[Illinois] CSE Seminar Series: Advances in First-principles Computational Materials Science

By Elif Ertekin

Mechanical Science & Engineering, University of Illinois at Urbana-Champaign, Urbana, IL

Published on


Title: Advances in first-principles computational materials science
Subtitle: Things we can calculate now, that we couldn't when I was in grad school.
The capability to rationally design new materials with tailored properties and functionality on a computer remains a grand challenge whose success would have tremendous impact on several globally-relevant issues. Guided materials design in the form of Integrated Computational Materials Engineering (ICME) is now taking its foundational steps towards establishing the infrastructure and methodologies to realize this grand challenge. But, while computational materials science has seen several advances in the last few years thanks to steady progress in computational power and numerical algorithms, there still remain a number of materials properties that are elusive to quantitative computational simulation. I will discuss recent developments within the field of computational materials science that highlight what material properties we now can -- and what we still cannot -- compute. I'll illustrate a few real-world examples related to mechanical properties for alloy design, optical properties for advanced photovoltaics and photocatalysis design, and thermal properties for thermoelectric design, using methods such as molecular dynamics, density functional theory, and quantum Monte Carlo. I'll also highlight some large outstanding problems for computational materials science.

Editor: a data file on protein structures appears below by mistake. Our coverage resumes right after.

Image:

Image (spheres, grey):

Ertekin works in the field of computational materials research: a research area that uses computer simulations, modeling, and theories to describe the properties of materials, including nanoscale systems such as carbon nanotubes, and bulk systems such as new materials for solar cells. Carbon nanotubes—cylindrical tubes made with the strongest tensile strength and stiffest elastic modulus material system currently known—are new mechanical components used in modern devices.

As a graduate student, Ertekin developed models of defect-mediated plastic deformation in carbon nanotubes, and has explored phenomena such as ductile-brittle phase transitions at the nanoscale. Her post-doctoral work has focused on describing how defects can be introduced in a material to control its properties, such as how to make silicon a better absorber of sunlight for photovoltaics, and how to turn ceramic oxides into conducting materials for oxide-based fuel cells.

-From MechSE News

Sponsored by

Computational Science and Engineering (CSE) at the University of Illinois at Urbana-Champaign

Cite this work

Researchers should cite this work as follows:

  • Elif Ertekin (2012), "[Illinois] CSE Seminar Series: Advances in First-principles Computational Materials Science," http://nanohub.org/resources/15919.

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George Michael Daley, NanoBio Node

University of Illinois at Urbana-Champaign